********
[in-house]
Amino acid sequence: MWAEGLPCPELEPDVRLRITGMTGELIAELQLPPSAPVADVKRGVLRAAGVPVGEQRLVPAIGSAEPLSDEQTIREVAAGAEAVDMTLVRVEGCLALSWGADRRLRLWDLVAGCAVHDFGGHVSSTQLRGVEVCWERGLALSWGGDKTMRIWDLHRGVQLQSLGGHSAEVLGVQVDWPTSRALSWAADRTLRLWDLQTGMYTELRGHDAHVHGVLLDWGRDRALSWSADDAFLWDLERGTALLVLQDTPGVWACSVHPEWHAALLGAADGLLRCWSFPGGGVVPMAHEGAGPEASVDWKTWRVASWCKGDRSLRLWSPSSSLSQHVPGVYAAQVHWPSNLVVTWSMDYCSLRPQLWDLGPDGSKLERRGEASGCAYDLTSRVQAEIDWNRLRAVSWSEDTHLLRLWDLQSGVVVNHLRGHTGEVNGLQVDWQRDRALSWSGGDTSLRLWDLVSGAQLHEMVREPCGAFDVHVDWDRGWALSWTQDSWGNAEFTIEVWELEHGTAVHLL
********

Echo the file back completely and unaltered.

[in-house]
Amino acid sequence: MWAEGLPCPELEPDVRLRITGMTGELIAELQLPPSAPVADVKRGVLRAAGVPVGEQRLVPAIGSAEPLSDEQTIREVAAGAEAVDMTLVRVEGCLALSWGADRRLRLWDLVAGCAVHDFGGHVSSTQLRGVEVCWERGLALSWGGDKTMRIWDLHRGVQLQSLGGHSAEVLGVQVDWPTSRALSWAADRTLRLWDLQTGMYTELRGHDAHVHGVLLDWGRDRALSWSADDAFLWDLERGTALLVLQDTPGVWACSVHPEWHAALLGAADGLLRCWSFPGGGVVPMAHEGAGPEASVDWKTWRVASWCKGDRSLRLWSPSSSLSQHVPGVYAAQVHWPSNLVVTWSMDYCSLRPQLWDLGPDGSKLERRGEASGCAYDLTSRVQAEIDWNRLRAVSWSEDTHLLRLWDLQSGVVVNHLRGHTGEVNGLQVDWQRDRALSWSGGDTSLRLWDLVSGAQLHEMVREPCGAFDVHVDWDRGWALSWTQDSWGNAEFTIEVWELEHGTAVHLL